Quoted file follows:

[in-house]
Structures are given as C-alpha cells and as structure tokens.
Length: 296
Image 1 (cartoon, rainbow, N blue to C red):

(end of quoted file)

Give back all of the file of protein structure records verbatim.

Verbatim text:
[in-house]
Structures are given as C-alpha cells and as structure tokens.
Length: 296
Image 1 (cartoon, rainbow, N blue to C red):